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Hungry And Foolish Filmmaking - Four Outstanding Indie Movies

A glitzy production may go a long way, but an inspiring, original, fresh script delivered by fresh talent in front of a basic crew and camera goes even further, even if the production leaves us wanting. It's the content that matters, now more than ever.

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Hunger is a daring, disturbing movie that is not afraid to offer an uncompromising perspective on the controversial topic of the IRA. It is most notably famous for Michael Fassbender’s riveting performance, for which he restricted himself to a diet of 600 calories a day, as well as a 17-minute-long uninterrupted scene between him and Liam Cunningham. (image: Hunger poster)

Having trashed World 2.0 and the swell of material that comes with it in a series of articles on Project X and the Age of YouTube, let me now take a moment to pay tribute to the enthusiasm this new age of filmmaking generates.

The fact is that the world is better off for the ease and accessibility of filmmaking equipment and talent. Our standards may have fallen with the expansion of production freedom and the rise of the amateur filmmaker, but this is a temporary side-effect. Among the scores of people (of varying qualifications) who are currently taking inspiration from the swell of independent productions, there are a few who actually know what they’re doing.

These individuals are the cream of the new crop. They will one day excel because the opportunity afforded to them by the new technology is exactly what they were waiting for.  They can be their own actors and producers. Gone are the days of Cary Grant, Vivien Leigh, and John Frankenheimer – polished professionals performing on behalf of the big studios – and in comes the unrefined beauty of 2.0 auteurs who write, act in, produce, and direct their films. In comes the self-made super-hero, the rising star in the digital wilderness. Forget Jackass, Borat, and Fear Factor (the unsavory first steps in  this new wave), and welcome the wonder of the hungry and foolish, a phrase Steve Jobs once used to refer to those who always make a difference.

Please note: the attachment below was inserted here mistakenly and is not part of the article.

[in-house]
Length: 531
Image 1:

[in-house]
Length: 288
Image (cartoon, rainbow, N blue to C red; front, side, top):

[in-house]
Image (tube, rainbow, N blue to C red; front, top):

The flood of unpolished everyday-ness we are faced with right now also serves another purpose. There are enough excellent films among these to serve as a stark reminder to the studio executives that quality is not restricted to big-budget films. A glitzy production may go a long way, but an inspiring, original, fresh script delivered by fresh talent goes even further, even if the production leaves us wanting. It is the content that matters, now more than ever, because we have been saturated by sleek-looking slop that says little.  We are ready once again for films that value content over appearance.

The amateurs know this. That is why they are working away so diligently and with such enthusiasm at their new craft. They are waiting for the studios to drop the ball, to not respond to the growing appetite and leave an opening into which they can insert independent films and see them launched into mainstream success. Alternatively, they ask the studios for funding, which the execs are happy to provide in order to stay in touch with what is hot and happening. Filmmaking, after all, is a business as much as it is an art form, and the savvy executives can will not pass over obvious talent, no matter how unknown. They did it with Alfred Hitchcock, Howard Hawks, and Joseph L. Mankievicz in the classical era, and they did it again with Darren AronofskyCameron Crowe, and Robert Rodriguez in the nineties.  They’ll do it once more in the digital age of World 2.0.

There you have it: the merits of freedom and authorship in the motion picture world. They give fledgling talent a platform from which to launch their work and a sky in which to shine.

Below are the trailers of four indie films. The first two are landmark features from the nineties, whose directors eventually became prominent filmmakers. The third and fourth are recent films.

The first is El Mariachi, Robert Rodriguez’s 1992 feature debut about a wandering mariachi and the trouble that awaits him in a remote town in Mexico.

The second is Pi, Darren Aronofsky’s 1998 feature debut about a man in search of a pattern in the stock market–the key to an embedded code which reveals the deepest secrets of the universe.

The third is Martha Marcy May Marlene, Sean Durkin’s 2011 feature debut about a woman trying to come to terms with life after escaping a cult, the influence of which is shown through flashbacks.

The fourth is Hunger (2008), the directorial debut of Steve McQueen, which chronicles the 1981 no-wash protest and hunger strike led by Bobby Sands on behalf of imprisoned members of the IRA.